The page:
Ben Ledi. The hill of fire, hill of God. Snow falling as the mist closed in, the path melting before my eyes, walking blindly into an obscure hinterland. I lower my eyes from the cold. It is Easter Sunday, winter at the height of Spring. Easter is not kept in this pagan place. Shapes move in the fog; guardian angels protecting the slope; the fae, come to steal my shadow from beneath me.
At the summit a grave is marked by two ravens. A raven is not a raven but a link, from this world to the next, wherever that may be. They guard the cross, consulting with another, communing with bone and stone. How long have they traveled in the other kingdom, and what knowledge did they bring back?
We approach the cross, the circle of mist, and the ravens take wing. Their message is not for us. They circle, watching , never settling. We are intruders, this is a place of wilderness, for wild beasts.
We read the inscription under the cross. A man lost his life trying to save another; there is the light, the sacrifice and spring fire. I am reminded that this hill is a spiritual place. In ancient times the Beltane fires were lit against the dark hill, under a paling sky. The ashes of ancient ritual are still present in the names of the mountain – Creag Ghorn; ‘Rock of Embers’ and Creag Loisgte; ‘Burned Rock’.
Another day we took the Bealach Nan Corp, the Pass of the Dead, the former coffin road to Balquhidder. An eerie spot where the steep sides of the pass enclose you, where it seems very likely that you will meet an outlaw of Jacobite times, hidden by mist and rock, waiting for the final glimpse of a friend making the journey to the kirkyard below. His skin is translucent, his tear a mirage. You may even glimpse the ghostly funeral procession yourself, the coffin, the orb of light gliding low on the grass. The coffin has travelled a long way, but it is no distance at all compared to the one that preceded it and the one that will follow.
Bury me on the hill, lay me on the rock,
Let not the fire cool nor the blood die.
There is another story: beneath the Bealach is Lochan nan Corp, ‘the little loch of the dead’, thought to be the site of tragedy. It is supposedly named after an entire funeral party drowned in the loch below the pass. The first time I visited I did not make it above the Bealach; confronted with my own wraith my legs turned to stone, an emotional and mental wall. The shadow lengthened, won. For walking is not physical but spiritual and the ascent is not an upwards journey but inwards.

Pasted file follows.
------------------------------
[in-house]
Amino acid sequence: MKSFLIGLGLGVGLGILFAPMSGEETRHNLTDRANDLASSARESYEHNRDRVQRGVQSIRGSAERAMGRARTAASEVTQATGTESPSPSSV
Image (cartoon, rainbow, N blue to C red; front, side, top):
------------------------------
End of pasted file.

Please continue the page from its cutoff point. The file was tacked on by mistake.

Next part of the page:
On this occasion, however, I reached the summit of the Hill of God and found mist, snow, ravens. The light was a sacred one, a wild peace. The ancient fires were burning, flames of renewal – the flames of Spring.
As we descended the mist cleared and the landscape became familiar – green grass and a loch of blue. It seemed the summit of snow and crows was nothing but an eerie dream. We met other walkers who complained about the poor visibility but they did not know how or where to look. Only fog and snow enabled me to see the true character of the hill - solemn, ritualistic, a place of death and magic. A place of healing if that is what you seek. For when traversing the inner paths the physical view from the top is nothing compared to the altered landscape of the soul. If a summit is only about looking down, looking back then it is at the expense of a deeper vision. Once you stop you are stuck, the moment you look back you are dead.